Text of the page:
About George W. Carey

George W. Carey (1933-2013) was Professor of Government at Georgetown University and a Senior Contributor to The Imaginative Conservative. He was the author of In Defense of the Constitution and The Federalist: Design for a Constitutional Republic. He was co-author, with Willmoore Kendall, of The Basic Symbols of the American Political Tradition. He was also co-editor of numerous books including The Federalist Papers: The Gideon Edition, The Most Dangerous Branch: The Judicial Assault on American Culture and Community and Tradition.

In Defense of the Old Republic: The Problem of the Imperial Presidency

By |2020-11-20T09:41:32-06:00November 15th, 2020|Categories: Constitutional Convention, Featured, Federalist Papers, George W. Carey, Government, Presidency, Timeless Essays|Tags: |

The dangers associated with the imperial presidency are compounded by an awareness that, while new and more expansive theories of executive authority are seriously advanced, the office is not attracting individuals of high moral and intellectual character. The Philadelphia Constitution may be dead, but the basic problems which troubled the Framers—e.g., preserving the rule of [...]

How Conservatives & Liberals View The Federalist

By |2021-04-22T19:13:42-05:00November 9th, 2017|Categories: American Founding, American Republic, Conservatism, Constitution, Featured, Federalist, Federalist Papers, History, Liberal|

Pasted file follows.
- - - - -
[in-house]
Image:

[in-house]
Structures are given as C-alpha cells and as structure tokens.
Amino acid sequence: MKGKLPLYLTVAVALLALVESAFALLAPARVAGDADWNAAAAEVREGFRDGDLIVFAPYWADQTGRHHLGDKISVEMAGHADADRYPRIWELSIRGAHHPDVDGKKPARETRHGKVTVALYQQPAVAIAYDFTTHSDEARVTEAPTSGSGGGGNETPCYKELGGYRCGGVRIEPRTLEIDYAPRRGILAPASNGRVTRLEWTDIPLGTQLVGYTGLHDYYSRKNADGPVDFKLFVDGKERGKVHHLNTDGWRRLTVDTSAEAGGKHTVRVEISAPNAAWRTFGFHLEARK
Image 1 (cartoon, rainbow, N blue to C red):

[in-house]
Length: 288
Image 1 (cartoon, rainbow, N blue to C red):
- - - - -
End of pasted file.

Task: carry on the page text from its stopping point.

In The Federalist, Publius writes of “new” and “improved” “principles” of the “science of politics,” and he urges his countrymen to abandon the classical teachings concerning the possibilities of republican government over an extensive territory… Conservatives—American and otherwise—have always held The Federalist in extremely high regard. Virtually all would agree with Clinton Rossiter that it stands with the Declaration [...]

Restoring Popular Self-Government

By |2019-07-09T10:45:30-05:00February 22nd, 2017|Categories: American Founding, Featured, Federalist Papers, George W. Carey, Supreme Court|Tags: |

Only with a conservatism anchored in the presumptions and principles of the Founders, in their understanding of constitutionalism and in the proper functions of each of the branches, are we prepared to do battle with the children of the Enlightenment… The most notable change in the American Republic over the last forty years has been [...]

Bringing America Home

By |2017-12-19T00:01:13-06:00December 13th, 2015|Categories: Conservatism, Featured, George W. Carey|Tags: |

Bringing America Home: How America Lost Her Way and How We Can Find Our Way Back by Tom Pauken (Rockford, IL: Chronicles Press, 2010) I must immediately enter a disclaimer. As Tom Pauken notes at the outset of his book, he was a student of mine during his undergraduate days at Georgetown in the 1960s. [...]